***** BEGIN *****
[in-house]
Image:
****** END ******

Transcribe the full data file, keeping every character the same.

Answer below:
[in-house]
Image: